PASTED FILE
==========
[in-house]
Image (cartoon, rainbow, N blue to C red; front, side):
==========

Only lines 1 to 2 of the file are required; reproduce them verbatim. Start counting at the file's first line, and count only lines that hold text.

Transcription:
[in-house]
Image (cartoon, rainbow, N blue to C red; front, side):